|Myanmar's Rohingya Muslims flee to India, recount ordeal||
Rohingya Muslims in Myanmar “do not have citizenship. They do not have access to education or healthcare… If they are considered stateless, they really do not have documents to show here [India], but I think women have to bear the brunt of displacement,” Indian lawyer Sahana Basavapatna told the Press TV correspondent in New Delhi.
One of the Rohingya refugees, Shakeela Begum, left Myanmar two years ago following the repeated arrest of her husband for forced labor. She has had no information about her son since she came to India, but one of her relatives who recently fled to India has updated her about her son’s situation.
“They have arrested my son one month ago and since then my grandchildren and daughter-in-law are living alone. They even won’t be able to flee since my son is missing. It seems that all Rohingya women have the same fate,” Begum said.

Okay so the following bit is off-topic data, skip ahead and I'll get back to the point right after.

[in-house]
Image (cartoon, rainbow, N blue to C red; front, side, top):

Another Rohingya refugee, Muhammad Idrees, also spoke to the Press TV correspondent.
“I want to tell the people of the world, if I am neither from Myanmar nor Bangladesh, where do I belong then?” Idrees said.
The government of Myanmar refuses to recognize Rohingyas, claiming they are not natives of the country. But Rohingyas say they migrated to Myanmar as early as the 8th century.
Reports say many Rohingya Muslims have been killed since clashes began in the western state of Rakhine, and many others are missing or have become displaced.
Activists say the UN must immediately provide humanitarian relief to the Rohingya refugees and must tell the Myanmar government to stop the massacres and persecution of Muslims.
(Source: Press TV)
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